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Evangelical leaders condemn role of Christian nationalism in US capitol siege

by Will Maule
Photo Credit Youtube screenshot/ VOA - Banner image

A group of evangelical leaders, including Walter Brueggemann, Aaron Niequist and Israel Houghton, have issued a public statement condemning the role of Christian nationalism in January's attack on the US Capitol. 

The attack, which saw hundreds of pro-Trump supporters storm the US government buildings, was condemned as an insurrection that threatened the safety of elected politicians and their staff. In addition, many of those involved were displaying symbols of white supremacy and images related to the QAnon conspiracy. Others were seen carrying Bibles and signs that read “Jesus Saves" as they stormed the capitol.

The evangelical leaders strongly condemned the role of Christian nationalism in the event, calling the riot a "violent, racist, anti-American insurrection".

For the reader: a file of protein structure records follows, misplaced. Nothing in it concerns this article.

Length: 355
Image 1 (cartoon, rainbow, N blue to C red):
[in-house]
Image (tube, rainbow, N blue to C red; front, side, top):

"We recognise the damage done by radicalised Christian Nationalism in the world, the church, and in the lives of individuals and communities," the statement reads. We know from experts on radicalisation that one of the key elements is a belief that your actions are 'blessed by God' and ordained by your faith. This is what allows so many people who hold to a Christian Nationalism view to be radicalised." 

The group said that they "stand together against the perversion of the Christian faith as we saw on January 6, 2021" and "stand against the theology and the conditions that led to the insurrection".